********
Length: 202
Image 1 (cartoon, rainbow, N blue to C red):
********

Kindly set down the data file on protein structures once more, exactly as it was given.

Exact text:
Length: 202
Image 1 (cartoon, rainbow, N blue to C red):